Paleocastrizza, a favourite place of Sophie Atkinson and later Lawrence Durrell.

There in Alexandria during the war, with Sophie's book before him, Larry wrote Prospero's Cell, his enchanting and sad tribute to Corfu, the island of his happiness.


Written in Alexandria
during the war and published
in London in 1945.
And because I am writing a biography of Lawrence Durrell, and because I know Corfu and Alexandria, and because I have loved Prospero's Cell and An Artist in Corfu, I now have Sophie Atkinson's watercolour of wheat fields in western Canada hanging on my wall. It is all about associations.





Tuesday, 24 July 2018

Some Summer Postcards



I have received no postcards this summer of people lolling on beaches, no 'wish you were heres'. But I do have postcards of Chicago, the Azores, Alexandria and Galveston.

The card from Chicago was actually printed in Canada and sent from Canada too (Making America Great Again) but told me that I had been spotted by three people as I came of a Chicago restaurant.  'Only it wasn't you! There is some Haag-doppelganger in Chicago who wears socks with sandals'.  Well, that was the giveaway, I suppose; I do not wear socks and sandals at the same time.


















This from the island of Pico, which is one big volcano. My brother lives on the volcano's northern flank and believes in geological time, meaning he does not expect the mountain to blow tomorrow. The town in the foreground is Madalena, named for Mary Magdalene.

















A friend in Rhode Island sent me this postcard she found while rummaging in a shop in Providence.  I have never seen this view before, which is a rare event; it looks to me like somewhere in the southwest of the city towards the warehouses and the docks, but I really do not know.














   
A friend who was born in Texas but has not lived there since childhood sent me this old Galveston postcard.  But not as old as the 1900 hurricane which blew all the people all away.

Sunday, 22 July 2018

A Remarkable and Refreshing New Book on the Crusades




I mentioned this book before when it was still in page proofs; now I have a bound copy in my hands.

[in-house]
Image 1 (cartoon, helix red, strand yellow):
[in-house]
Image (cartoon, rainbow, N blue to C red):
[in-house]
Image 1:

Published this month by Yale University Press, Steve Tibble's The Crusader Armies is necessary reading for anyone interested in the crusades.








Wednesday, 6 June 2018

E M Forster, Constantine Cavafy and George Valassopoulos in Alexandria



The home of George Valassopoulos at 9 Rue des Fatimites in Alexandria.
When E M Forster was in Alexandria working for the Red Cross during the First World War he came to know George Valassopoulos, a lawyer in the city and a fellow graduate of Kings College, Cambridge.  Forster often called round at Valassopoulos' home at 9 Rue des Fatimites in the Quartier Grec. There Valassopoulos would lead Forster through the poems of their mutual friend Constantine Cavafy in their original Greek and also provided him with elegant and, Cavafy felt, faithful translations. Valassopoulos became their chosen instrument for rendering the poems into English so that Forster could introduce them to the English-speaking world.

Valassopoulos' living room where Forster and Cavafy came as guests.  

Forster first became acquainted with Cavafy's poetry at the home of the poet himself at the Rue Lepsius.  One evening 'a poem is produced - The God Abandons Antony - and I detect some coincidences between its Greek and public-school Greek. Cavafy is amazed. "Oh, but this is good, my dear Forster, this is very good indeed", and he raises his hand, takes over, and leads me through. It was not my knowledge that touched him but my desire to know and to receive'.

Here is the translation of The God Abandons Antony done by Valassopoulos.

When at the hour of midnight
an invisible choir is suddenly heard passing
with exquisite music, with voices --
Do not lament your fortune that at last subsides,
your life's work that has failed, your schemes that have proved illusions.
But like a man prepared, like a brave man,
bid farewell to her, to Alexandria who is departing.